Napoleon was the real winner of Waterloo… claim the French! Re-enactment set to mark bi-centenary will ignore history. It is not so much a bid to rewrite history as a blatant attempt at match-rigging. For the French are claiming that Napoleon – not Wellington – was the true hero of Waterloo.
Napoleon a dejected prisoner on HMS Bellerophon. (aka ‘Billy Ruffian’)
In a reconstruction to mark this year’s bicentenary of the battle, they plan to ignore the fact that he emerged utterly defeated. Instead, they want to portray the French emperor as the winner over a ‘frightful’ English nobody. But the sabre-rattling ahead of the commemorations in Belgium this summer was quickly dismissed by historians. French re-enactment society claim Napoleon was the real winner at the Battle of Waterloo Click on pics to enlarge…Of Interest Perhaps: Wellington’s use of concealed infantry squares was the undoing of Napoleon at the Battle of Waterloo. The main usage of the squares were the hollow formations throughout the Napoleonic wars, sometimes the formation could also be more rectangular. Each side of the square would have a minimum of two ranks (usually four in the case of Wellingtons) of infantry with bayonets fixed on their single shot muskets. The first rank would be kneeling with the muskets shining bayonets pointing at an angle of around 45 degree. The second and/or third ranks would be stood with the bayonet fixed muskets to the shoulder taking aim and ready for the order to open fire in rank order. The third and/or fourth ranks would be reloading the muskets for the ranks in front.Such a square of this type would require around 500 soldiers, the officers with a reserve force would be positioned in the centre, the reserve force would be utilised to fill gaps that might appear in the squares, and these squares would also be very tightly packed shoulder to shoulder. The infantry would wait until an advancing cavalry was at a range of 30 metres and then the commanders would give the order to open fire, the idea was to try ensure the fallen cavalry caused problems with the cavalry behind, therefore slowing the advance and allowing the infantry to change muskets for the loaded one.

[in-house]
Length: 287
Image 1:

‘Wellington’s infantry squares at Waterloo with stood 11 cavalry charges.’ Yours Aye.